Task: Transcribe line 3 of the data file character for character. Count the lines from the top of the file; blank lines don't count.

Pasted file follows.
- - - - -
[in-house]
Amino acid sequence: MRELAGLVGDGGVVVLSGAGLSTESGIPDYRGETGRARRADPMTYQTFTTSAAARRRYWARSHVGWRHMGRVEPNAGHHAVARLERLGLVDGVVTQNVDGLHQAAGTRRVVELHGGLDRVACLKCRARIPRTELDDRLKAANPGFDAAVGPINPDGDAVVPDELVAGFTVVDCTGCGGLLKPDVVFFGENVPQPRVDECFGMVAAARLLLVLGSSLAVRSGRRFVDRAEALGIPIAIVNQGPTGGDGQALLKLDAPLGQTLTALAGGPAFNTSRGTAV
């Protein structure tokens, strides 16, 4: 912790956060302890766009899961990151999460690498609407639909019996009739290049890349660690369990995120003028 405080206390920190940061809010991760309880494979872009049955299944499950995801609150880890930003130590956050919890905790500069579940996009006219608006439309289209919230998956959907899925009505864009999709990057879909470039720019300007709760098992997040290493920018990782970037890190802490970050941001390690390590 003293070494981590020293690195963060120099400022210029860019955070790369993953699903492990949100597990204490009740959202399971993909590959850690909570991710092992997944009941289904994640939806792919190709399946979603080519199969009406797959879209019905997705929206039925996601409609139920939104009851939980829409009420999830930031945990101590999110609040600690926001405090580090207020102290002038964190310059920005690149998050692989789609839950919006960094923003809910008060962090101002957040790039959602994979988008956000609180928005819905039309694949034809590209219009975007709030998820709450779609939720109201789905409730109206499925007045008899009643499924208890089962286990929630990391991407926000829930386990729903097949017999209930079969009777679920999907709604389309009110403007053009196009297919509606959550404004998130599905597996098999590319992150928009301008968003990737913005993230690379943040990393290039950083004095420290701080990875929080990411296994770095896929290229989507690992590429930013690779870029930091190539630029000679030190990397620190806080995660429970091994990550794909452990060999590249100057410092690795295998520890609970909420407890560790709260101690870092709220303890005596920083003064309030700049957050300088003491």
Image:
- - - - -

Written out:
């Protein structure tokens, strides 16, 4: 912790956060302890766009899961990151999460690498609407639909019996009739290049890349660690369990995120003028 405080206390920190940061809010991760309880494979872009049955299944499950995801609150880890930003130590956050919890905790500069579940996009006219608006439309289209919230998956959907899925009505864009999709990057879909470039720019300007709760098992997040290493920018990782970037890190802490970050941001390690390590 003293070494981590020293690195963060120099400022210029860019955070790369993953699903492990949100597990204490009740959202399971993909590959850690909570991710092992997944009941289904994640939806792919190709399946979603080519199969009406797959879209019905997705929206039925996601409609139920939104009851939980829409009420999830930031945990101590999110609040600690926001405090580090207020102290002038964190310059920005690149998050692989789609839950919006960094923003809910008060962090101002957040790039959602994979988008956000609180928005819905039309694949034809590209219009975007709030998820709450779609939720109201789905409730109206499925007045008899009643499924208890089962286990929630990391991407926000829930386990729903097949017999209930079969009777679920999907709604389309009110403007053009196009297919509606959550404004998130599905597996098999590319992150928009301008968003990737913005993230690379943040990393290039950083004095420290701080990875929080990411296994770095896929290229989507690992590429930013690779870029930091190539630029000679030190990397620190806080995660429970091994990550794909452990060999590249100057410092690795295998520890609970909420407890560790709260101690870092709220303890005596920083003064309030700049957050300088003491």